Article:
Are Environmentalism & Animal Liberationism Incompatible?

An argument:

  1. One can be an environmentalist and an animal liberationist (premise for reductio).

  2. If animals ought to be protected from being killed (because they can feel pain, ect.) then the natural environments in which their lives are at risk ought to be reformed or eliminated (from liberationism).

  3. The natural environments in which their lives are at risk ought to not be reformed nor eliminated (from environmentalism).

  4. Therefore, it is not the case that one can be both an environmentalist and an animal liberationist (from 1, 2, 3).

  5. Therefore, one can only be an an environmentalist or only an animal liberationist (or neither) (from 4).

This sort of argument was spelled out in greater detail by Mark Sagoff, and it is an interesting one. Given their criteria of value (the ability to feel pain gives one moral status), animal liberationists ought to intervene in ecologies where sentient creatures are naturally harmed. That is to say, there is no good reason for letting such animals die in their natural habitats; indeed, one seems required to act for the same reason  that requires one to protect children from grizzly bears–suffering ought to be prevented. Conversely, an environmentalists, who primarily values things like wilderness or biodiversity, has reasons not to protect animals in the wild (unless they are endangered): these environmental goods take precedence over the interests and welfare of animals. Thus, it seems environmentalists are interested in preserving states of affairs that, for many animals, are nasty, brutish, and short.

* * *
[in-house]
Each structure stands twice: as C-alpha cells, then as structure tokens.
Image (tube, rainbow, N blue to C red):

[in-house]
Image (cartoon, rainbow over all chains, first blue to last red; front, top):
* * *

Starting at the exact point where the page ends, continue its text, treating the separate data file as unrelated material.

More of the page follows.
It’s not clear to me if Sagoff personally believes this, but he seems aware that this sort of argument constitutes a reductio of the animal liberationists position. I tend to agree with this… what does Peter Singer think of lions, tigers, and bears? If anything, premise two seems to be the most vulnerable, and it would be prudent to revise it to say “animals under our care ought to be protected from being killed…” But some justification for circumscribing the animal kingdom this way needs to be given, and it isn’t obvious that it will be compatible with the primary values of animal liberationism.